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Applied Sampling for Wildlife

by: Maximilian Lynch

Applied Sampling for Wildlife FW 580

Marketplace > Colorado State University > FISH > FW 580 > Applied Sampling for Wildlife
Maximilian Lynch
GPA 3.59

Paul Doherty Jr

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Paul Doherty Jr
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This 42 page Class Notes was uploaded by Maximilian Lynch on Monday September 21, 2015. The Class Notes belongs to FW 580 at Colorado State University taught by Paul Doherty Jr in Fall. Since its upload, it has received 42 views. For similar materials see /class/210051/fw-580-colorado-state-university in FISH at Colorado State University.


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Date Created: 09/21/15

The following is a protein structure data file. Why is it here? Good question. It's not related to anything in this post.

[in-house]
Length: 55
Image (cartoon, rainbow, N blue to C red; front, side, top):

FVV 580 Applied Sampling for Fish and Wildlife Studies Adapted from Stuart 1984 Thompson 2002 x Eml wus Habitat fragmentation and loss ngyAuk Comm J nlAvian Biology on Man niEcnlngical Economics Habitat fragmentation and loss recent projec mmvwm Vietnam Overseas swam ngram V05 mama value m m eamev new 5 Curadvised W m VichDreilZCO nw mwuume mamaimn mass m Vielna Behavioral E cnlngV nshua Dnnley MS Enema mmsmrlzance an a in optimize wldlile area do Waterfowl ecology Breeding site memwaiea W m rm Sandersr co Div mwumue mm Zimmerman cause 2 av band 51tu and methndstn address band lass mm Dis Kendall andwhne uck behavior sure veguiaimna Community ecology ITesting macroecological patterns d o d ecles Proc Nat Ac d Extinction rates at edge and interior ofrange Ann Zool Fenn incorporate new methodological opmenis to estimate communitylevel parameters with phylogenetic analyses Seabird biology 39 a and conservation 7 I gecies 3 am my ma may magnum ma We mama quotoptima man 2cm unwade 2W Walla para a 2nd alaammw miEal munitions Papulati Ehrveyd B Collaborators uwsDoDLsesFuv aaaauummw hodologV way mu m at an modeling and smsitivity analysis esign mum mam stamina 5mm 5mm Venn Waugh tan 9w mmm ml mm Lebrelon m Seabird biology and conservion current x I Dr Sarah Converse v Working on population modeling estimatio design for aibarross Dr Bill Kendall Also manames Dr Mike Runge I International Albatross Working Group I Ongoing collaborations Dr reiber DrsWaug FWSUSGS Disease ecology current IWest Nile virus Paul Oesterle MS Dr Jeff Hall Role of swallow bugs in transmission cycle 1 f39 IAvian influenza study design advisory committee USDA NWRC Southern California projects lFIattailed horned lizrad Abundance esumam and errece of oHy Ty er Grant 7 MS IPalm Springs ground squirrel habitat ssociations JWMDr Ball and MacDonald ICurrent Caifornia gnatcatcher abundance and habitat associations ridnell About you IWhere are you from IWhat are your research interests IWhy are you taking the course IWhat topics are of most interest to you Syllabus ITexts IReadings lHomework IOther topics of interest Definitions IWhat is a sample MerriamWebstei s Collegiate Dictionary 2001 a nite part of a statistical population whose properties are studied to gain information about the whole ICensus complete enumeration of the population ie the whole Definitions IWhat is sampling The act process or technique of selecting a representative part ofa population for the purpose of determining parameters or characteristics of the whole population MerriamWebster s 2001 There are dangers in sampling IWe will discuss dangers associated with various sampling schemes IWe will recognize the potential error and attempt to minimize associated with convenience sampling Sampling error ISampling error comprises the difference between the sample and the population due solely to the sampling units having been selected ITwo sources 1 Chance protection large sample size 2 Sampling bias Tendency to favor the selection of units having particular characteristics JWhy sample I 1 Often physically prohibitive to census a population because many populations are I2 Often scally prohibitive I3 Even if a census can be taken the census is not ef cient for needs Le a sample will suff39ce eaper to view a part rather than the whole I4 Timeliness samples can be conducted quicker than a census I5 Destructive sampling in some instances sampling is destructive Sampling error and bias IA sample is expected to be representative of a population IHowever there is no guarantee and chance may dictate a disproportionate number of untypical observations IIn practice hard to know when a sample is unrepresentative Sampling error I Bias Usually the result of a poor sampling plan Nonresponse no chance of some units appearln INever enough to not detect bias must assure against bias Nonsampling error measurement error I produced by participants or an innocent byproduct of sampling plans IInaccurate measurements due to malfunctioning instruments or poor procedures The interviewer effect questionnaire design Respondent effect lying 4 Integrity of the sample ISample integrity is often overlooked Little can substitute for sample integrity lEconomy and reliability are competing en 5 lSampling error can be controlled by careful sample selection methods this class Types of samples IThree types of samples Differ in how the sampling units are chosen IConvenient sample results when most convenient units are chosen from a population IJudgment sample obtained at the discretion of someone who is familiar with the relevant characteristics of a population Random sample lMost important type of sample IAllows a known probability of each unit being chosen from a popu ation sometimes referred to as a probability samp e IMany forms Simple random systematic stratified cluster etc Central Paradox of sampling IImpossible to know from examination of a sample whether it is good or not od39 representative and free from bias IThe sample itself cannot tell us whether it is free from bias only the process by which it was selecte Cbtherwise 39dogged by the shadow of selection laS Implies dgiven the exact same sample we regard it ifferently depending on how it was c osen Evaluate the credentials of a sample lMust understand basic notions of sampling theory IFree from bias IReliability Credentials I good credentials give creedence ICourt example A saint and a sinner are before a court both present the exact same evidence Whom are you more likely to believe lIf a sample has good credentials more believable lRandom sample has great credentials A Sampling Case Study EIK in NW Colorado Paul M LUKaCS Case Study IE 2 EIK Case Study IE 2 EIK importer 1t ir n NW EIK are very ecor nomically Color ado Ir n 2008 CDOW had ah Objective Of 12000 1 5000 elk ir n IE 2 Modeled populatior n Size approachihg Objective Therefore licer nse S to be reduced Case Study IE 2 EIK residehts argued there were more Local thar n 391 5000 elk Didr n t war 1t to lose hUhtir ng revehue Didr n t war 1t game damage to livestock feed was per Formihg poorly ir n abur ndahce Populatior n model suggestihg little COhfider nce esti mate populatior n model demor nstr atior I M r I 39 39 7 n quotquot39 39 rr rirrgww 7 M a Case Study IE 2 EIK 80K questior n I IOW mar 1y elk are there Framing the problem What do we I r now about E Z It s big 2000 sq miles of Wir ntsr rahgs It s diverse Mour ntair shrub sagebrush ripariar n Gor nifsrous forest agriculture SIQIZgt 77 1 Asa f tgm EIK Winter Range HOW would design a survey of E Z What would you like to Khow HOW would design a survey of E Z lil s to l r ncw best available Khowlsdgs 12 20K What would you Approximate of sIK Elk distributior n Desired precisior n ZOOC CV Budget 60K available all CDQW psrsoririsl arid squipmsr t Outcomes of past survey methods quads work well for deer limited successful use for sIK distahcs samplir ng has hot beer effective Cluster size distributior n Habitat sslsctior use all types lt lRlgt arid alfalfa Stratificatior quot3 77 39 i 7 39 quot 7 gagge rj sgbw wr iym 7 7 n V l l 5OC elkgroup coricsritrats occasiorially or39n HOW would design a survey of E Z What would you do first HOW would design a survey of E Z What would you do first DEFINE THE QBJECTIVE DEFINE SAMPLING FRAME Ider ntify strata Select samplir ng method Ider ntify samplir ng uhit selectior n method r r f 7 I vH 77 39 Vuiam HOW would design a survey of E Z HOW big Should the sample Size be Samplir ng Frame What we did for better or worse Split frame all wir nter rar nge ir n IE 2 ir ntO 8 strata based or n cover type arid relative elk der nsity Oper n cover 2 mile quads Der nser cover quotl r r lile quads a t a r t S 9 m Sampl Sampling Design Helicopter survey 2 Jet Rahger S Fixed wir ng air plahe scoutihg Used GR I S to select samplihg Uhits 391 Soloy Iquot kHii quot4 39 7 f 4rtam Generalized Random I essellation Stratified Designs Sample locatior IS Spatial balar nce VS rahdom selectior n GRIS Spatially balahced samplihg Local heighbor hood var iahce estimator Free sample selectior n software R package for ahalysis 3 fr 7 77 n r quotquotquot399 39 a 7 if A i Sample Sizes Optimal desiqr n Semi 0Dtimal desiqr n e p m a S d e t C e e S Data Cour Its Meah 3383 elkquad Rahge 0 546 SD 7958 Medial 5 Mode 0 orrlmv 0 rmmlNN mELOCKnWAUJ gmm mONANm mN mmm vomlNN w U QEmm mumj v w mem Hulk100 mHO PMMLM E JHmLHm GRIS VS SR8 Estimate SE CV ICI UCI GRIS 32205 5578 O l 7 2299 l 45 I IO SR8 32205 6523 020 2 I739 477 IO FW580 Sampling IAny questions ITake home messages from last time 4 Stratified Sampling IWe spent the last few weeks talking about SRS With no information we can t do better than a SRS IHowever often we have other information Like what Supplementary information IDifferent kind of individuals or plots Sometimes vague IOften can group population into a number of subgroups stratum or strata p iIf we take a SRS from each of these strata we rarely lose precision and we may gain considerably Stratified Random Sampling IWill drive us in the right direction increasing precision Strength will depend upon our skills of picking strata IExcel example same example Sample size of4 but with 2 strata Sample Size 4 pick 2 from each stratum Sampling distribution Val nsts 1m distribution 4 Stratification 2 steps IPicking strata IChoice of sample size We used uniform sampling fractions What if we used variable sampling fractions ie more intensively sampled one stratum lTake 3 of our 4 samples from Stratum 1 and only 1 from Stratum 2 3 members from stratum 1 and 1 member from stratum 2 Weighted average reciprocal of fraction I Units in stratum 1 had 3 times as large a chanc n x man Suwling m on Variable sampling fractions IYou might object to sampling all of one strata but often done nothing wrong lAs long as we know what we have done and account for it ICompare this with an arbitrary sampling scheme what is different Variabe sampling fractions lWe do not need to insist on each member of the population having the same chance of being in a sample IWe do need each member to have a positive chance though remember the papers from last time Strati cation with variable sampling fractions enables us to vary the chance of selection for different subg roups of the population Oversampling more variable strata I sample size 4 3 from strata 1 1 from strata 2 IComparison of precision 067 vs 083 IStratum 1 average 6 var 16 IStratum 2 average 10 var 4 IStratum 1 is more variable We got rid of this variance by completely sampling n39aDJm 1 All variance between 3 possible sampls is due to stratum 2 It pays to oversample the more variable strata What about undersampling more variable strata IExcel example ISampljng variance is 4x as large as when sampling fraction IS reversed l3x as large as uniform sampling fraction I25x as large as SRS IPenalty of oversampling the less variable strata can be severe IVariable sampling fraction is double ed ed r if we concentrate the sample int e wrong s rata How can this be avoided Maximum precision ITo maximize precision the sampling fraction in each stratum should be proportional to the square root of the variance in that stratum Stratification recap lStrati cation with uniform sampling fraction almost always increases precision IVariable sampling fractions can increase or ecrease precision Incrase will result ifoversample in more variable strata IIs there a mathematical rule to enable us to achieve maximum precision In our example IStratum 1var 16 IStratum 2 var 4 IThus a 41 ratio We should choose our sampling fraction as the square root of this ratio so 21 IThis is the sampling fraction not the sample size IIn our example of n 4 can not achieve this exactly but n 3 and n2 1 is close What if cost of observation differs between strata and we ave to maximize precision for a ixed total cost IWe need only replace variance in the rule by the ration variancecost of an observation 4 It follows IA uniform sampling fraction will only achieve max precision if every stratum has the same variancecost ratio INevertheless a uniform sampling fraction is often used because it is a convenient compromise Quota sampling IIn practice random sampling can be expensive IOne way used to avoid this cost is quota sampling IIndividuals are not preselected but strata are and selection of individuals within strata is left to the observers Quota sampling I Observer freedom Selection bias is present Selection procedure is illdefined no valid method of estimating SE of sample estima or I But quota sampling always achieves sample size as compared to RS Conceals problems of nonresponse rather than attempting to solve them Quota sampling IWith the reduction in cost comes a reduction of the credibility of the sample Selection bias Nonresponse bias No valid SE Formation of strata IHow to choose strata smartly Maximize precision absolutely How many strata later How to form strata from population Formation of strata INote Not obliged to have strata of equal sizes IExcel example strata with equal average Formation of strata ISampling variance is 133 vs 067 from before and 106 from SRS ICan not blame this on misdirected oversampling same sample size Formation of strata IThe effect of gain in precision from strati ed sampling with uniform sampling fraction depends on the variation between stratum averages The greater the variation between stratum averages the greater the gain in precision Note the loss in precision seen last slide is a result of large sampling fractions Loss of precision will rarely happen Strata with equal means equal sampling fraction 2 from each stratum 1 avg a stratum 2 avg a Strata with unequal means equal sampling fraction 2 from each Stratum 1 avg s 33 Stratum 2 avg 10 57 Formation of Strata maximize difference Formation of strata maximize difference IThe extra reward for extreme skill in forming strata as compared to moderate skill is substantial 4 Formation of strata principle ITo maximize precision of estimation we should construct strata so that their averages are as different as possible and their variances are as small as possible Choice of number of strata ICan take strati cation principle to the extreme where each strata has a single member IHowever we need to estimate variability in each stratum and should have at least 2 members ISee text for formula for estimates of total averages and associated variances and CI s Poststratification I So far sample size in each siramm is xed I Sometimes this is not possible and we can not group ampling units into strata before se ection May want in group units into strata after data collection say using a S I On the face this may appear the same a stratifcation but something crucial has changed Don t know sample sizes a pri Need to remove some part of strati cation See Ext ori me gain resul ng from proper Sample vs Population Variance IWhat is relation between sample and population variance TjPopVar SampleVar l v n N Where n sample size and N is population size Questions IWhat were take home messages from last lecture Questions IExplain the difference between sampling and population variance IWhat is the sampling variance for a judgment sample Sample Variance lAs sample size approaches population size NnN1 goes from 1 to zero IThis should make intuitive sense If the sample size equals population size then there is no sampling variance lN n n N l Sampling Variance IIf sample size n is negligible in relation to population size then N nN1 reduces to N1 and sampling variance is population variance multiplied by 1n lN n n N l Influence of Finite Population on Sampling Variance ISay you have 2 populations with the same variance One has 1000 individuals the other 1000000000 individuals Take a sample of 10 from each to estimate population average using sample average Po ulalion 1 2 N 1000 1000000000 n i N7 n nN 001 000000001 n N71 1ln 01 01 NnlN1 0990990991 0999999991 Sample size and variance IThe fact the second population is a million times larger than the first increases the sampling variance by about 1 lIt is the sample size NOT the fraction of the population sampled called the sampling fraction which almost entirely determines the precision of estimation once the variability of the population is given IHelps explain why a survey of 5000 people can predict the votes of a population of 280 million Effect of Sample Size increase sample size from 2 to 4 in our example Sample slze n 2 4 I With a sample gm of 2 Sample average Freguenc Freguene 4 l variance ofsampling 45 distribution 426 555 l I With a sample size of4 e 2 as 2 variance ofsampling 7 392 2 distribution 107 75 3 a 2 2 as 2 a a 2 as l in 2 l lEIVS ll 2 Tmal l5 l5 So far we have known truth ie the population mean and variance lWe have unbiasedness of the point estimate ie average IWe know sampling distribution variance is related to population variance by the previously discussed factor however we usually do not know the population variance nor do we have all possible samples lWe need to estimate the population variance from a single sample Yikes What estimator for variance should we use Correspondence 4prineiple suggests what VFZ XT Sampl Erma amen ram v em Me her Membevvauev ue sample We refquot quot23 R33 Numb r 2 Avevage l m 33 l e 4 4 a a U27 m7 2 c 5 g a 2 an no r la 2 m m 3 D B 16 e l um l A E E 3 E eclellan 5 F 7 25 L r so a c 7 l 7 e e 4 e e e 4 9 r 9 9 r in D 9 1 cups ll e 9 l 2 r re 4 13 E in D I Population variance 1067 14 r ll l 5 r l What estimator for variance should we use Correspondence principle suggests what Sam Ie average varies by as much as 50 of population average 8 range 41 Sample variance rangs from 0 to 25 more than 100 Most sample variance estimates are below population variance 0 1057 I Average sample variance 54 mo low Badly biased correspondence principle doem t work here Unbiased estimation of population variance lUnfortunately correspondence does not work for variance as it did for average IHowever with a small change we can get it to work We will divide sum of square deviations by one fewer than their number IWe redefine the de nition of population and sample variance and sample variance becomes an unbiased estimator of population variance 2 E xii Var n71 4 Further Amendments ISample Variance is now an unbiased estimator of Population Variance with our amended de nitions quot Variance old def of the Sampling Average is given by Population Variance times 71ef where fis nN n 1 Nan 1 n becomes 1 71 N71 71 N How do we use this estimate of of sampling variance to make statements about population average IVery little use when sample size is small but as sample becomes larger something remarkable happens IWe intuit that sampling variance decreases steadily as sample size increases 0 Distribution becomes less variable around average IHow does this happen Central Limit and Normal Dist I Astounding fact that with large sample size the sampling distribution ALWAYS Elks the same form a norma is r39 u 39on E Central Limit Theorem completely general es not depend on underlying dislributlon ofvalues Form of sampling dislribuu39on of me average will be closely approximated by a normal given a large enough sample I e I This new knowledge along with the average and variance allows us to make general statements Large enough IMore irregular the population distribution the larger sample size needed Central Limit Theorem relies on random sampling Without random sampling no need to go further Random sample allow us unbiasedness allow us to estimate precision also allow us to make more elaborate in r nces lWithout random sampling apparatus fall apart Central Limit Theorem IApplies to most estimators we will work with not just sample average lAllows us to construct confidence intervals Confidence intervals lFrom a normal distribution we know 68100 that the deviation of the estimate won t exceed 1 SE square root of estimated sampling variance 90100 won t exceed 164 SE 95100 won t exceed 2 SE ITurn around and say 90 times out of 100 our sample estimate is within 164 SE of the true value IExcel example sample size 4 Confidence Intervals 95Cl Sun name 39 a M557 55555 venanue vename variance Law Uppev cmeee 1 39 m 257 522 m7 e55 msz u 2 39 5 53 575 555 mm 5 3 39 575 75 m5 1 a 39 57 555 575 75 m5 1 5 39 357 Dal 555 7 e55 1 5 5 39 57 5o 25 5ee Mm 1 7 57 55 25 555 mu 1 5 57 55 25 555 my 1 e 39 75 39 33 119 ms 555 e5 1 m 39 75 e57 155 125 we mm 1 M 39 75 391957 5 25 we 5m 1 12 39 7 W57 22 w m e17 1 13 39 7 3917 m 25 55 935 1 w 57 ue7 nee 557 m 1 5 39 55 391157 ue7 nee 557 as 1 5 5 99435119 Smthlgl39 smmwgp l 2053 1315 87 H Nut 555157 smll m mama sanle SIZE Sampling with replacement IUp until now we have sampled without replacement IIn our sample size of 2 how many samples would there be with replacement I36 15 original 15 reverse order 6 same individuals Sampling with replacement ILose some precision with replacement IBut in practice sometimes easier to sample with replacement IMain reason math gets easier investigate more complex sampling systems Sampling with replacement I Sample average remains unbiased estimator I Sample variance incrmses more extremes than without replacemen I Without replacement maximum sample size is opulation size With replacement maximum sample size is in In39 e I Sampling W r replacement395 equivalentto sampling W rout replacement om a popula 39on of infinite s39ze Symbol N changes I We use old de nition of population variance with N as the divisor Sample size I Need to define study population and sampling frame IQuestion of how large a sample is a difficult one only can design the perfect study once you know the answer Available funding may predetermine the sample size Sample Size lDepends on desired precision of estimates statistical level of con dence and variance in population I I want to be with 013 units of the population average 99 percent of the time ISE 01326 005 ISampling variance 00025 PopVar1n INeed estimate of PopVar to solve for n Proportions IFormulas are simplier IExact confidence intervals are possible ISample size calculations are easier Unequal probability sampling IHorvitzThompson Estimator for population total v f L 11 7139 Can be useful if sample inclusion is b ed on size Often need computer 4 Estimating a proportion ISO far we have focused on means and totals across plots IOften interested in a proportion Proportion of females Proportion occupied Attibute can be coded as a 1 or 0 for each plot Usual methods can be used Proportions ISample proportion is ISample variance is A A 7 N7quot M17 WIpe N j nil lNotice that the relevant statistics can be computed from the proportion alone Supplementary information Ratio estimation IWe saw that stratification is a worthwhile way of using coarse supplementary information to improve estimation lWhat about more precise supplementary data ILet s distinguish between using aux data in the design and in the estimation 4 eig eig Individual PrimaryVar SecVar A 2 4 B 6 8 C 10 8 D 8 16 E 10 16 12 20 How do we use these data 17 g it all 5 Ratio estimator 3 9 13 B31 SampAvgSampSuppAv 4 9 15 7 X l 5 85 12 850 g I 6 85 ll 850 7 E 12 ECO a s 14 63936 A y 9 75 ii 915 u m M 10 75 10 900 x ll 75 12 750 12 7 9 933 13 7 ii 700 Need to know suppl Info 14 65 9 867 39 39 15 65 me for entire population age 00 1200 906 Rawqelmn 6 Supplementary information Ratio estimation ISay we have a second variable related to the primary variable for each possible unit IExamples IExcel example height and weight Sampling distributions n4 Weig DT I L I an i c Ratio estimation IMean 806 vs 800 slightly biased IRange of Samp Var 686 933 vs 65 10 IVar 056 vs 107 Increased precision outweighs slight Ias PierreSimon Laplace IWanted to have a census of France in 1802 ISampled 30 communities and calculated a total of 2037615 people with 71866 births I203761571866 2835 people per birth Reasoned he could multiply the number of births by 2875 to obtain an estimate of population size ICrossmultiplication problem like our example 4 Ratio estimation IRarely do we go through the expense of taking a sample and measuring only 1 quantity Often the sampling frame gives us extra information to improve precision IRatio and regression estimation use variables that are correlated with the variable of interest to improve precision The stronger the correlation the better they work Regression estimation IWhat is a slope IIf regression goes through zero and describes the relationship well great predictor that is a ratio estimator IIf you believed this relationship a priori how would you design a sampling plan Regression estimation IIf regression does not go through zero then need to account for yintercept Regression estimator of population mean ISay we want to estimate the number of dead trees in an area lDivide area into 100 square plots and count dead trees quickly from photographs with error mean 113 ISRS 25 plots to visit and get actual count Yint 505 Slope 061 Regression estimator Difference estimator lIf we use this estimator IUsed when slope is known to equal 1 A auditin qumear be b1 ux I g 12ym 50606131131199 I1199 times 100 plots 1199 dead trees What is meant by design unbiased Modelbased vs designbased IDesignbasedrelies upon the randomization theory for estimate and variance IModelbased relies upon a relationship IIf Model is correct we can do extremely well Suggest sampling based on a mo e Ifa linear model is assumed where would you take samples to best estimate slope IIf Model isincorrect the estimates are only modelunbiased model variance Wil underestimate true variance Design vs Model based IHow do you balance these